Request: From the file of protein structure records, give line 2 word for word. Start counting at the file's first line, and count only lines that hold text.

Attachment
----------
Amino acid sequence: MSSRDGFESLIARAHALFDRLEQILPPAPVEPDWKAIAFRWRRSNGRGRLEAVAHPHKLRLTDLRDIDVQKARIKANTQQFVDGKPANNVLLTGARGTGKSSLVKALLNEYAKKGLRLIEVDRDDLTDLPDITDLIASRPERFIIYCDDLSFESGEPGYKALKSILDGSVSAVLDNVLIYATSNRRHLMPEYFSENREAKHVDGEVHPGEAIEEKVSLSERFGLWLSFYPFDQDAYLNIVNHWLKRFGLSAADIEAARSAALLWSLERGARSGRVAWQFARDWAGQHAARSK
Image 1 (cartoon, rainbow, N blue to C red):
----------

Image 1 (cartoon, rainbow, N blue to C red):